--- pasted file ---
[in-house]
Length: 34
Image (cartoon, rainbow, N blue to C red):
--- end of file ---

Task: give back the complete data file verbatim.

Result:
[in-house]
Length: 34
Image (cartoon, rainbow, N blue to C red):